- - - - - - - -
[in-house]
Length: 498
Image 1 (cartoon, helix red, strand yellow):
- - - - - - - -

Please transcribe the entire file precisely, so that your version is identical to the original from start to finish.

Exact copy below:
[in-house]
Length: 498
Image 1 (cartoon, helix red, strand yellow):